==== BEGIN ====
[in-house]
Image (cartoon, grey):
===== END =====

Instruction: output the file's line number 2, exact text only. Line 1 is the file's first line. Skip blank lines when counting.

Image (cartoon, grey):